News and Curiosity

Pros and cons of training in the pool

1 Complete sport
  • 1 Complete sport
  • 2 A swimming pool change the body
  • 3 The benefits
  • 4 The cons
  • 5 A pool workout

    Swimming as a complete discipline

    Swimming is a complete sporting discipline: doctors say so, and science confirms it too. From a technical point of view, it allows you to tone your muscles thanks to exercises for the legs and buttocks without neglecting the arms.
    However, it is essential to know how to set up a pool training well, so that it can bring every possible advantage to the athlete.
    If the exercises in the water are not performed correctly, there is a risk of a series of physical inconveniences.

    How does training in a swimming pool change the body?

    Swimming, defined for all intents and purposes as a complete sport, is suitable for all ages, works all muscles, and helps improve posture.
    With constant swimming training (i.e. at least once or twice a week) come great benefits to the body: movements are quicker in the water, giving an overall feeling of lightness.
    Those suffering from joint or muscle problems benefit enormously.
    Training in the pool helps increase strength and muscle mass through optimal endurance exercises, and even bones are strengthened.
    Joints and ligaments become more flexible, and muscles lengthen thanks to the strokes performed in the water.
    The body changes when subjected to proper water training.
    And these are just some of the benefits it brings. Let’s go over other advantages together.

    What are the benefits of swimming?

    In water, the body is supported and made lighter because gravity is reduced.
    In addition, movements are partly impeded by the resistance of the water, which allows the muscles to develop, stimulating constant effort.
    Every movement is by traction, and compressions are reduced to pushing against the edge of the pool.
    All this dramatically reduces the likelihood of injuries and accidents, which only occur for very high mileage and in subjects with pre-existing problems.
    As we have already mentioned, swimming is a complete sport because it ensures the toning of the whole body, from the shoulders to the trunk, legs, and buttocks.
    Each part is called upon to do a job.
    Movements become more flexible, and muscles lengthen, but that’s not all.
    Training in the pool also brings numerous benefits to the heart and breathing.
    In addition to strengthening the pectoral, shoulder, and limb muscles, the heart muscle benefits greatly from these water exercises: at least 30 minutes of physical activity in the water reduces possible heart disease.
    The body is constantly kept in motion in the water, and this helps burn numerous calories: it is no coincidence that swimming is an ideal ally in the athlete’s diet.
    In general, 10 minutes of swimming helps burn 60 calories.
    Swimming also helps avoid asthma attacks, a prevalent problem in sports.
    Exercising in the pool is beneficial for breathing, especially for
    younger children with asthma.

    The cons of training in the pool

    Swimming brings numerous benefits to the body and rarely has any contraindications. However, some minor injuries can occur if the exercises are performed incorrectly.
    As has already been observed, the water helps the body to float, and the only compressions occur when pushing off the edge during turns.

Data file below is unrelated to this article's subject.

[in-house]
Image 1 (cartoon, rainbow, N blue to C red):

The lack of compressions eliminates the risk of injury, which only manifests for high mileage and in individuals predisposed to shoulder injuries.
    To avoid injuries, one must take great care of one’s technique and avoid using tools that increase water resistance, such as paddles, if one does not have a more than satisfactory technique.
    An incorrect technique often stresses certain joints, facilitating injuries, the probability of which is, in any case, very low.

    How to structure a pool workout

    In swimming, everything is based on technique: if the exercises are performed correctly, the risk of injuring oneself is reduced.
    So, how can you prepare correctly for a swimming workout?
    First of all, you need to define your goal: Lose weight?
    Recover strength after an injury? Create an aerobic base?
    Once decided, you can start thinking about the various phases of training
    with an instructor’s help, where necessary.
    Swimming exercises are customised based on the goals set by the athlete, considering the technical level, physical preparation, and time available.
    Usually, however, a pool workout consists of three distinct phases

    -cool-down or stretching.

    The warm-up is done out of the water through a series of exercises that activate the shoulders, arms, torso, and neck muscles.
    As a rule, this phase lasts 5 to 10 minutes and is performed before entering the water.
    The training continues by swimming fluently in the prefered swimming style of the athlete, who should concentrate on breathing and movement without exerting too much effort.
    Then it is time to devote 10-15 minutes to technique, using boards and pull buoy, to concentrate on arms and legs.
    The training phase continues with laps, repetitions, and recoveries that vary depending on your preparation and goals.
    This part lasts up to 20 minutes.
    Once finished, it is time for the cooling down phase.
    Perform a series of laps for 10 to 15 minutes to lower the heart rate.
    However, simple stretching exercises should be performed out of the water to loosen up the neck, shoulder, and arm muscles.

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